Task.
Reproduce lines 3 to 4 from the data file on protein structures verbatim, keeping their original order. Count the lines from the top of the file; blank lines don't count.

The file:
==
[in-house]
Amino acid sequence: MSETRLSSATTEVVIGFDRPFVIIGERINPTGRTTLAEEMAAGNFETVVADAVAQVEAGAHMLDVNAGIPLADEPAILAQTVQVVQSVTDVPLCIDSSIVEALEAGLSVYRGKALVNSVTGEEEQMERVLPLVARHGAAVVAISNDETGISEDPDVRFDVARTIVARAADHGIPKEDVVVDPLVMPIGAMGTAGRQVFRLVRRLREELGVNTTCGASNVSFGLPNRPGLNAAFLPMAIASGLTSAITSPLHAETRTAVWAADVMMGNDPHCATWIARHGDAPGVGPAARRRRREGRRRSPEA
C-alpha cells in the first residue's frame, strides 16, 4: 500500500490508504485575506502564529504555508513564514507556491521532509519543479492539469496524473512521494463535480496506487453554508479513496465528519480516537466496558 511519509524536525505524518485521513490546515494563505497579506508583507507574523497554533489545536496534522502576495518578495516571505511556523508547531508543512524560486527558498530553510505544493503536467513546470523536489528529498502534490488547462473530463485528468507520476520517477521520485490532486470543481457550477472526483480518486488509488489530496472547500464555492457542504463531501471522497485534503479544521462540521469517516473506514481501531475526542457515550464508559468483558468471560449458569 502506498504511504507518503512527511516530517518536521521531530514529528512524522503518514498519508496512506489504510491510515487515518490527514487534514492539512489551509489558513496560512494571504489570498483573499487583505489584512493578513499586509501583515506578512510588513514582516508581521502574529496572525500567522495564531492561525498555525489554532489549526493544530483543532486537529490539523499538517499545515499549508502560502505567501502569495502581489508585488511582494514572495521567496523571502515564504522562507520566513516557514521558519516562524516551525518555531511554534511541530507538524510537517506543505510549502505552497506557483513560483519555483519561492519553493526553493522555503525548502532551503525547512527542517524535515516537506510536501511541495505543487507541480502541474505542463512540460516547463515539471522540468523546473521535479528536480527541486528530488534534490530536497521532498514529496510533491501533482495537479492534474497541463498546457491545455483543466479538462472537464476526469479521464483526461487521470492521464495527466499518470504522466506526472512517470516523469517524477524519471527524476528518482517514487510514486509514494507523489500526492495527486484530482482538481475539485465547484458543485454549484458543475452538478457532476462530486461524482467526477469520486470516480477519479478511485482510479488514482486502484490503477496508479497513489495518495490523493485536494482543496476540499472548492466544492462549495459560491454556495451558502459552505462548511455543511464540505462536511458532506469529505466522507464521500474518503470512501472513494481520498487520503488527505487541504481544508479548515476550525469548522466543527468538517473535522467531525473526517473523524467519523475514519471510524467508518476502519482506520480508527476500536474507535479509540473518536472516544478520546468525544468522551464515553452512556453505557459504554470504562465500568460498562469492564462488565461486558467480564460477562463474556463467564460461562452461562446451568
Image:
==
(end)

C-alpha cells in the first residue's frame, strides 16, 4: 500500500490508504485575506502564529504555508513564514507556491521532509519543479492539469496524473512521494463535480496506487453554508479513496465528519480516537466496558 511519509524536525505524518485521513490546515494563505497579506508583507507574523497554533489545536496534522502576495518578495516571505511556523508547531508543512524560486527558498530553510505544493503536467513546470523536489528529498502534490488547462473530463485528468507520476520517477521520485490532486470543481457550477472526483480518486488509488489530496472547500464555492457542504463531501471522497485534503479544521462540521469517516473506514481501531475526542457515550464508559468483558468471560449458569 502506498504511504507518503512527511516530517518536521521531530514529528512524522503518514498519508496512506489504510491510515487515518490527514487534514492539512489551509489558513496560512494571504489570498483573499487583505489584512493578513499586509501583515506578512510588513514582516508581521502574529496572525500567522495564531492561525498555525489554532489549526493544530483543532486537529490539523499538517499545515499549508502560502505567501502569495502581489508585488511582494514572495521567496523571502515564504522562507520566513516557514521558519516562524516551525518555531511554534511541530507538524510537517506543505510549502505552497506557483513560483519555483519561492519553493526553493522555503525548502532551503525547512527542517524535515516537506510536501511541495505543487507541480502541474505542463512540460516547463515539471522540468523546473521535479528536480527541486528530488534534490530536497521532498514529496510533491501533482495537479492534474497541463498546457491545455483543466479538462472537464476526469479521464483526461487521470492521464495527466499518470504522466506526472512517470516523469517524477524519471527524476528518482517514487510514486509514494507523489500526492495527486484530482482538481475539485465547484458543485454549484458543475452538478457532476462530486461524482467526477469520486470516480477519479478511485482510479488514482486502484490503477496508479497513489495518495490523493485536494482543496476540499472548492466544492462549495459560491454556495451558502459552505462548511455543511464540505462536511458532506469529505466522507464521500474518503470512501472513494481520498487520503488527505487541504481544508479548515476550525469548522466543527468538517473535522467531525473526517473523524467519523475514519471510524467508518476502519482506520480508527476500536474507535479509540473518536472516544478520546468525544468522551464515553452512556453505557459504554470504562465500568460498562469492564462488565461486558467480564460477562463474556463467564460461562452461562446451568
Image: